• University Finds 18th-Century Schoolhouse Where Black Children Learned to Read

    The discovery of a 260-year-old structure with such a deep connection to a little-known chapter of the history of Colonial Williamsburg, when the population was more than 50 percent Black and teaching slaves to read was legal, is especially significant, said history professor Jody Lynn Allen. 

  • A Chapter In U.S. History Often Ignored: The Flight Of Runaway Slaves To Mexico

    USC Historian Alice Baumgartner's book examines the stream of enslaved people who fled to Mexico between the 1830s and Emancipation, and the role of Mexico in international debates about abolition. Roseann Bacha-Garza of UT-Rio Grande Valley is an expert on the local networks of abolitionists and allies on the route.

  • After the Riot, What’s the Future of Art in the Capitol?

    Art Historian Sarah Lewis suggests that damage to the artworks in the Capitol during the rioting presents an opportunity to rethink what subjects are included in a collection that signals inclusion in the national narrative. 

  • It's Time to Stop Calling Slavery America's 'Original Sin'

    by James Goodman

    The theological origins of "original sin" mean that the metaphor portrays slavery, racism, and the dispossession of Native American lands as evils foisted upon Americans, rather than as social and political products of choices made by them.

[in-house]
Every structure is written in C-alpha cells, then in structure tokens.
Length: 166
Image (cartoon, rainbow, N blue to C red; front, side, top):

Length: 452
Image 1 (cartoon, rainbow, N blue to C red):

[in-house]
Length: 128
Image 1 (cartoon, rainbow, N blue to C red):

• A Forgotten Black Founding Father

    by Danielle Allen

    The figure of Black abolitionist Prince Hall has been discussed for his advocacy for abolition in the Commonwealth of Massachusetts, but there remains a deeper work of historical reconstruction to understand his connections to family, community and civil society in the founding era. 

  • John C. Calhoun: Protector of Minorities?

    by Andrew Delbanco

    Robert Elder's biography of Calhoun examines the racist and pro-slavery thought of the legislator and his political afterlife. 

  • Stories of Slavery, From Those Who Survived It

    by Clint Smith

    "The Federal Writers’ Project ex-slave narratives produced tens of thousands of pages of interviews and hundreds of photographs—the largest, and perhaps the most important, archive of testimony from formerly enslaved people in history."

  • For American Racism, Slavery was Only the Beginning

    by James Brewer Stewart

    The Abolitionist Wendell Phillips would tell Americans today to cease arguing about the role of slavery in the founding and confront contemporary inequality as a product of ongoing political choices. 

  • Misremember the Alamo

    by Douglas Sackman

    Like most Americans, when Trump tries to "remember the Alamo," he gets it all wrong. His recent visit to Alamo, Texas was 240 miles south of the mission so holy to many Texans, but it was closer in spirit than Trump probably realized. 

  • Review: Was the Constitution a Pro-Slavery Document?

    by Gordon S. Wood

    Gordon Wood says James Oakes's new book examines the dialectical relationship between 19th century interpretations of the Constitution as a pro-slavery and anti-slavery document and argues that that debate steered Lincoln toward a commitment to racial equality as inextricable from abolition.